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James Harvey Robinson (1863 - 1936) was an American Historian. In his writings he stressed the "new history" - the social, scientific, and intellectual progress of humanity rather than merely political happening. The Mind in the Making: The Relation of Intelligence to Social Reform was published in 1921. In the beginning of the book Robinson states his purpose as follows: "As an old Stoic proverb has it, men are tormented by the opinions they have of things, rather than by the things themselves. This is eminently true of many of our worst problems to-day. We have available knowledge and…mehr

Produktbeschreibung
James Harvey Robinson (1863 - 1936) was an American Historian. In his writings he stressed the "new history" - the social, scientific, and intellectual progress of humanity rather than merely political happening. The Mind in the Making: The Relation of Intelligence to Social Reform was published in 1921. In the beginning of the book Robinson states his purpose as follows: "As an old Stoic proverb has it, men are tormented by the opinions they have of things, rather than by the things themselves. This is eminently true of many of our worst problems to-day. We have available knowledge and ingenuity and material resources to make a far fairer world than that in which we find ourselves, but various obstacles prevent our intelligently availing ourselves of them. The object of this book is to substantiate this proposition, to exhibit with entire frankness the tremendous difficulties that stand in the way of such a beneficent change of mind, and to point out as clearly as may be some of the measures to be taken in order to overcome them." He goes on to say: "I come back, then, to my original point that in this examination of existing facts history, by revealing the origin of many of our current fundamental beliefs, will tend to free our minds so as to permit honest thinking. Also, that the historical facts which I propose to recall would, if permitted to play a constant part in our thinking, automatically eliminate a very considerable portion of the gross stupidity and blindness which characterize our present thought and conduct in public affairs, and would contribute greatly to developing the needed scientific attitude toward human concerns--in other words, to _bringing the mind up to date_."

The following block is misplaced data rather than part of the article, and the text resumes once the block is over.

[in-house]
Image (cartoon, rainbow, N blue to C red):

Autorenporträt
James Harvey Robinson (June 29, 1863 in Bloomington, Illinois - February 16, 1936 in New York City)[1] was an American historian, who co-founded New History, which greatly broadened the scope of historical scholarship in relation to the social sciences. Jay Green concludes: From his innovations in historical methodology and research to his revisions of secondary and undergraduate pedagogy, Robinson endeavored to reform the modern study of history, making it relevant and useful to contemporary peoples. A quintessential Progressive, he combined astute in erudite thinking with a penchant for activism in order to challenge his professional colleagues' "obsolete" conception of history and to demonstrate written history's potential for inspiring social improvement Robinson was born in Bloomington, Illinois, the son of a bank president. After traveling to Europe in 1882 and returning to work in his father's bank, Robinson entered Harvard University in 1884, earning his M.A. in 1888 before returning to Europe. After further study at the University of Strasbourg and the University of Freiburg, he received his Ph.D. at Freiburg in 1890, and began teaching European history at the University of Pennsylvania in 1891, moving to Columbia University in 1895-1919, becoming a full professor in 1895. He trained numerous graduate students who went on to professorships around the United States. Following a series of faculty departures from Columbia in disputes about academic freedom, including that of his friend Charles A. Beard, Robinson resigned from Columbia in May 1919[3] to become one of the founders of the New School for Social Research and serve as its first director.